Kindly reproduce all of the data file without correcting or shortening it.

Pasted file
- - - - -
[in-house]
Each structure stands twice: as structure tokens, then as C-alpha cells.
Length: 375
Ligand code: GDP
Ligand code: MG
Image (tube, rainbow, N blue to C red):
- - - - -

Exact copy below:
[in-house]
Each structure stands twice: as structure tokens, then as C-alpha cells.
Length: 375
Ligand code: GDP
Ligand code: MG
Image (tube, rainbow, N blue to C red):